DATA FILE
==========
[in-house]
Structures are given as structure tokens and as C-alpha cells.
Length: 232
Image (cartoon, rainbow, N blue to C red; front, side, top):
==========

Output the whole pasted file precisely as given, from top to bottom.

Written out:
[in-house]
Structures are given as structure tokens and as C-alpha cells.
Length: 232
Image (cartoon, rainbow, N blue to C red; front, side, top):